It's not often that a developer gets the chance to start from scratch in the heart of a modern city — especially on the coast. But when it does happen, the opportunity tends to inspire bold ideas. That is certainly the case with the "Lorelei" project on Laurel Island in Charleston, S.C. Located close to the old city of Charleston on the bank of the Cooper River (see Google map), Laurel Island is virtually a blank slate. And that's exciting for the "new urbanist" design team tasked with creating a new community out of whole cloth. Anchoring the effort is development firm North American Properties, with input from top-tier consultants Andres Duany and Jeff Speck.

The project is still in the brainstorming phase. But the brainstorming hit top gear this month, with a series of intensive design charrettes and public outreach by the the design and planning team. The Post and Courier has the story here (see: "Lorelei development taking shape this week," by Robert Behre). "A group of about 100 architects, developers, consultants, city staffers and others have filed in and out of planning sessions this week trying to give form to the Lorelei, a project proposed off the eastern edge of Romney Street," the paper reports. "Its 160 acres ultimately could include about 4,000 homes and hundreds of thousands of square feet of office and retail space."

Although it's empty now (except for the decaying remnants of a few old industrial structures), Laurel Island is not a natural area — far from it. "The island was made from dredge spoil, and later used as a landfill," noted Charleston's Live5News (see: "Vacant Laurel Island to see development," by Kolbie Satterfield). "This isn't nature. This is a landfill," Andres Duany commented in June (see: "Developers hope Laurel Island will become a 'delightful destination'," by Bill Burr). "So we're not destroying nature. Which normally, there's a lot of opposition to that. There are no nearby neighbors."

Almost anything, obviously, would be an upgrade. But the redevelopment team is thinking big. “We’re gonna look at everything from shrimp boats to crabbing docks to places to fish, places to do stand-up paddle board and kayaking and we really want it to be a broad array of ways for people to enjoy the water,” Lorelei Project executive LeGrand Elebash told Live5News. “We know we need something that is a robust main street, retail-oriented street. Food and beverage and shopping. But we want a mix of uses vertically. So we want residences and offices, loft offices above that main street retail. We really want to connect people to the waterfront,” Elebash said.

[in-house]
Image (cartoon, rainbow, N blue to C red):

Jeff Speck (website) (Twitter) said, "We want to have a diversity of housing. We're also required by the city to do what I think any good developer would want to do, which is satisfy all different market segments. They'll be a great variety of housing types, and that will include affordable and attainable housing." (See: "From landfill to 'Lorelei,' get a sneak peek at the new Laurel Island," by Brodie Hart/ABC4News).

"Affordable" is a relative term, of course. "“I don’t know what their definition of affordable housing is," local Pat Sullivan commented to Live5News. "They said that fifteen percent of what they’re building will be affordable housing, but the price point is what really counts." The answers to questions like that will be a long time coming: Planning for the redevelopment is expected to take another two years, with construction continuing for ten years after that.